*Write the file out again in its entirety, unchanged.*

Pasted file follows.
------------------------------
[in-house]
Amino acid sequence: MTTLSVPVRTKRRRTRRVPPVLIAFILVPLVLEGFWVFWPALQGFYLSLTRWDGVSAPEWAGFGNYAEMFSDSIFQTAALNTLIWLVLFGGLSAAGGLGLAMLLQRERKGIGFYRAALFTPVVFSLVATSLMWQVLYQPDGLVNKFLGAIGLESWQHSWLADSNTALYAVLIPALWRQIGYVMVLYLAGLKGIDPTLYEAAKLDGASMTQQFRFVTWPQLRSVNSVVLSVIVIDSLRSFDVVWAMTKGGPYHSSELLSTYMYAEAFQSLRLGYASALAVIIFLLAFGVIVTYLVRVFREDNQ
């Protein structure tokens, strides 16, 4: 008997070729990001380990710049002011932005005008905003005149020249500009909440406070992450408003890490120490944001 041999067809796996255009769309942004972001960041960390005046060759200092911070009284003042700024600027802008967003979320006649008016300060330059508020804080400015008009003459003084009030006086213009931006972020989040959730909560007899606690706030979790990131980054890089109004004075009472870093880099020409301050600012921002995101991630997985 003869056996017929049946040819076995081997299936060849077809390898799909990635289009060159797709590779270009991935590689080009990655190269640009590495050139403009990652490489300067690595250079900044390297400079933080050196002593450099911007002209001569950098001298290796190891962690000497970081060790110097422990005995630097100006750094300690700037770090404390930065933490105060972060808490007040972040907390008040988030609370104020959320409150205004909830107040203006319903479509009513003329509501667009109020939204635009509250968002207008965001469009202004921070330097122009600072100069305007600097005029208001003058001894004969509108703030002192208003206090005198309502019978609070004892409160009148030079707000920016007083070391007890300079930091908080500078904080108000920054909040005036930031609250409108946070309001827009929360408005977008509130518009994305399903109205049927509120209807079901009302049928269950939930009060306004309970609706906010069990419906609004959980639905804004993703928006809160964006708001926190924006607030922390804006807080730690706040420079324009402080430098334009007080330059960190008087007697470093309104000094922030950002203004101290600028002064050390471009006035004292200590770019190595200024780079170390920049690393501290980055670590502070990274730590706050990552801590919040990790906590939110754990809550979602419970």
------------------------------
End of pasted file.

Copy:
[in-house]
Amino acid sequence: MTTLSVPVRTKRRRTRRVPPVLIAFILVPLVLEGFWVFWPALQGFYLSLTRWDGVSAPEWAGFGNYAEMFSDSIFQTAALNTLIWLVLFGGLSAAGGLGLAMLLQRERKGIGFYRAALFTPVVFSLVATSLMWQVLYQPDGLVNKFLGAIGLESWQHSWLADSNTALYAVLIPALWRQIGYVMVLYLAGLKGIDPTLYEAAKLDGASMTQQFRFVTWPQLRSVNSVVLSVIVIDSLRSFDVVWAMTKGGPYHSSELLSTYMYAEAFQSLRLGYASALAVIIFLLAFGVIVTYLVRVFREDNQ
């Protein structure tokens, strides 16, 4: 008997070729990001380990710049002011932005005008905003005149020249500009909440406070992450408003890490120490944001 041999067809796996255009769309942004972001960041960390005046060759200092911070009284003042700024600027802008967003979320006649008016300060330059508020804080400015008009003459003084009030006086213009931006972020989040959730909560007899606690706030979790990131980054890089109004004075009472870093880099020409301050600012921002995101991630997985 003869056996017929049946040819076995081997299936060849077809390898799909990635289009060159797709590779270009991935590689080009990655190269640009590495050139403009990652490489300067690595250079900044390297400079933080050196002593450099911007002209001569950098001298290796190891962690000497970081060790110097422990005995630097100006750094300690700037770090404390930065933490105060972060808490007040972040907390008040988030609370104020959320409150205004909830107040203006319903479509009513003329509501667009109020939204635009509250968002207008965001469009202004921070330097122009600072100069305007600097005029208001003058001894004969509108703030002192208003206090005198309502019978609070004892409160009148030079707000920016007083070391007890300079930091908080500078904080108000920054909040005036930031609250409108946070309001827009929360408005977008509130518009994305399903109205049927509120209807079901009302049928269950939930009060306004309970609706906010069990419906609004959980639905804004993703928006809160964006708001926190924006607030922390804006807080730690706040420079324009402080430098334009007080330059960190008087007697470093309104000094922030950002203004101290600028002064050390471009006035004292200590770019190595200024780079170390920049690393501290980055670590502070990274730590706050990552801590919040990790906590939110754990809550979602419970």